Welcome To Graves Museum

Museum Of Archaeology and Natural History

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About Museum 

Exhibits include dinosaurs, paleontology, minerals, the geology, history and first natives of Florida, shipwrecks and underwater archaeology, Pre-Columbian ceramics AfricanAmerican, Egyptian, and many Mediterranean cultures. School tours, workshops, outreaches, birthdays and theme parties available. Family archaeology and fossil excursions.

Departments And Services

Anthropology Department

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Paleontology Department

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Natural Sciences Department

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Volunteer at the Museum

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News and Tips 

Things you should know about Morris Graves

Things you should know about Morris Graves

About Morris Graves:

Morris Graves was a well-known modern American painter and also a member of Northwest School of Visionary Art. Graves was born in Oregon in 1910. Morris Graves family moved to Seattle when he was two-years-old. Morris graves arts reflect his spiritual bond with the culture of Pacific Northwest. He served in the merchant navy at the age of seventeen, which eventually lead him to Asia, where he had the ability to experience various forms of arts.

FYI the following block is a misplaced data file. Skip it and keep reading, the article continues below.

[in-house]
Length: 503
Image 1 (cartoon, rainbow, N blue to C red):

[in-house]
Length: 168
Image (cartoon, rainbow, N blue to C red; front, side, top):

Morris Graves

Graves’ Art Form:

Morris graves started formal training in art in Beaumont, Texas.  He began full-time painting after returning to Seattle. He also received regional recognition in the annual art exhibition help in the modern art museum.  Before settling in Ireland in 1954, he traveled a lot through Europe and Asia.

Graves’ craft does not fit effortlessly into acknowledged categories. His style was influenced by both territorial and worldwide impacts. In the wake of being named a surrealist at a very early stage in his career, Graves immediately surrendered most stylist related with surrealism. He stayed focused on the surrealist philosophy that arts must uncover the artist’s intuitive and serve as a gateway to the unknown art world.

Morris Graves paintings of the wounded bird and extraordinarily brilliant radiant flowers combined the soul of American Transcendentalism with Asian logic. Morris Graves passed on 2001in his home in Loleta, Calif. He was 90 when he died.

Morris Graves thought the mechanical catastrophe of industry and technology, the planes that flew over his roof and cars in his street was a noteworthy hindrance to his journey.

Some of the major institutions that have the work of Graves as permanent collections are,

  • Albright-Knox Art Gallery (Buffalo, NY)
  • Art Gallery of Ontario, Museé des Beaux-Arts de l’Ontario (Toronto, Canada)
  • Art Institute of (Chicago, IL)
  • Baltimore Museum of Art (Baltimore, MD)
  • Brooklyn Museum (Brooklyn, NY); Carnegie Museum of Art (Pittsburgh, PA)
  • Cleveland Museum of Art (Cleveland, OH)
  • Dallas Museum of Art (Dallas, TX)
  • Detroit Institute of Arts (Detroit, MI)
  • High Museum of Art (Atlanta, GA)